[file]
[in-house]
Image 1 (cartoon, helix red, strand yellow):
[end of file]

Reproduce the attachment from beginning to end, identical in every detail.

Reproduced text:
[in-house]
Image 1 (cartoon, helix red, strand yellow):